Butterflies feed primarily on nectar from flowers. Some also derive nourishment from pollen, tree sap, rotting fruit, dung, decaying flesh, and dissolved minerals in wet sand or dirt (Gilbert, L. E., 1972). Butterflies are important as pollinators for some species of plants. In general, they do not carry as much pollen load as bees, but they are capable of moving pollen over greater distances (Herrera, C. M., 1987). Flower constancy has been observed for at least one species of butterfly (Goulson, D. et. al., 1997).

Adult butterflies consume only liquids, ingested through the proboscis. They sip water from damp patches for hydration and feed on nectar from flowers, from which they obtain sugars for energy, and sodium and other minerals vital for reproduction. Several species of butterflies need more sodium than that provided by nectar and are attracted by sodium in salt; they sometimes land on people, attracted by the salt in human sweat. Some butterflies also visit dung, rotting fruit or carcasses to obtain minerals and nutrients. In many species, this mud-puddling behaviour is restricted to the males, and studies have suggested that the nutrients collected may be provided as a nuptial gift, along with the spermatophore, during mating (Molleman, F. et. al., 2005).

During the period of investigation total 15 species of butterflies were recorded which are belonging to four different families viz., Hasperiidae, Lycaenidae, Nymphalidae, Papilionidae and Pieridae. Out of which the family Nymphalidae was proved itself a most dominant family with five species namely Danus chrysippu, Danus genutia, Euploea core, Melanitis leda and Tirumala limniace. Second position was taken up by Lycaenidae, Papilionidae and Pieridae each is represented by three species. Family Lycaenidae is represented by Neopithecops zalmora, Zizula hylax and Zizina otis; family Papilionidae is represented by Chilasa clytia, Graphium macareus and Papilio polytes whereas family Pieridae is represented by other three species namely Catopsilia pomona, Eurema hecabe and Gandaca harina. Family Hasperiidae was recorded as least dominant and represented by a single species only i.e., Caprona agama (Table 1). Such satisfied butterfly diversity may be due to rich flora of Shri Shivaji College Campus, Parbhani.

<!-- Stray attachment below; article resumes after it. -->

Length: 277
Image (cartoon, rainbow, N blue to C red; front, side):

References

  1. Capinera, John L. (2008): Encyclopedia of Entomology. Springer Science & Business Media.
  2. Gilbert, L. E. (1972): ‘Pollen Feeding and Reproductive Biology of HeliconiusButterflies’. Proceedings of the National Academy of Sciences 69 (6): 1402 – 1407.
  3. Goulson, D.; Ollerton, J.; Sluman, C. (1997): ‘Foraging strategies in the small skipper butterfly, Thymelicus flavus: when to switch?’. Animal Behavior 53 (5): 1009–1016.
  4. Herrera, C. M. (1987): ‘Components of Pollinator ‘Quality’: Comparative Analysis of a Diverse Insect Assemblage’ (PDF). Oikos (Oikos) 50 (1): 79 – 90.
  5. Herrera, Carlos M. (1992): ‘Activity Pattern and Thermal Biology of a Day-Flying
  6. Hawkmoth (Macroglossum stellatarum) under Mediterranean summer conditions’. Ecological Entomology 17: 52 – 56.
  7. Kehimkar, I. (2014): The Book of Indian Butterflies. BNHS, Oxford University Press, Mumbai. pp 497.
  8. Mani, Ms. S. (1995): Insects. National Book Trust, India. pp 162
  9. Molleman, Freerk; Grunsven, Roy H. A.; Liefting, Maartje; Zwaan, Bas J.; Brakefield, Paul M. (2005): ‘Is Male Puddling Behaviour of Tropical Butterflies Targeted at Sodium for Nuptial Gifts or Activity?’. Biological Journal of the Linnean Society 86 (3): 345 – 361
  10. Powell, J. A. (1987): ‘Records of Prolonged Diapause in Lepidoptera’. J. Res. Lepid. 25: 83–109.
  11. Timothy Duane Schowalter (2011): Insect Ecology: An Ecosystem Approach. Academic Press. p. 159.
  12. Williams, Ernest; Adams, James; Snyder, John. (2015): ‘Frequently Asked Questions’. The Lepidopterists’ Society. Retrieved 9 September 2015.